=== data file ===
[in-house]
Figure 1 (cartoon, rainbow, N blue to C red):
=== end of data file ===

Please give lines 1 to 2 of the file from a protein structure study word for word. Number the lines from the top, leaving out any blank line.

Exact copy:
[in-house]
Figure 1 (cartoon, rainbow, N blue to C red):